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Tuesday, August 09, 2005

Charlie Cook Waits by his TV for The Revolution

Posted by Bob Brigham

Charlie Cook looks at the OH-02 discussion at the (subscription only) National Journal. Mr. Cook ignores both the force of scale and the reality of post-broadcast politics.

Democrats would be wise to keep their own counsel in examining the implications because Cook's way we will lose one Tivo set at a time.

Democrats need to stop judging success on Election Day. We need to start judging success each and every day. This simple mindset change is critical in a post-broadcast environment. Out west, one question you hear in HQ is, "We winning?" Democrats need some West Coast Offense because the right investments now can catapult a tidal cycle. We need to stop The Fear from influencing decision making and start focusing on winning every single day in every district in every state. If we can make this simple mindset change before it is forced upon us, then we will win more elections. Stop compromising, play hard and start winning.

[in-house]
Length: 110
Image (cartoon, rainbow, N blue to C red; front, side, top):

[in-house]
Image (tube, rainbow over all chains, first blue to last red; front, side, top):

We need scalable message and finance structures. This will be the end of War Chest campaigning. If you have a scalable model, money sitting in the bank is money wasted. Cash flow campaigning, investment in the model. The force of scale will actually grow the TV budget and it will be up earlier.

Voters have free evening cell phone minutes, email, IM. Geographical barriers have been circumvented by technology. I don't want people to vote Democratic because of a 30 second ad, I want them to because somebody they respect talked with them. If we don't talk to everyone, how can we be sure we are connecting?

Here's what Cook says:

It's one thing for liberals and Democrats to tout a '50-state strategy' and aim to field candidates in every Republican-held district, but to expend limited resources on long-shot candidates only means that more-competitive candidates get less. Resources are finite and choices have to be made.

Cook's entire premise is based on outdated fundraising systems. Candidate call time is a not a scalable model. When the DCCC tells new candidates to go raise $100K if they want to talk, they are breeding fundraisers, not political leaders. We need candidates who are willing to get out of the call room and move every day with bold action and straight talk. We need candidates will who let their story be told and are focused on winning every day.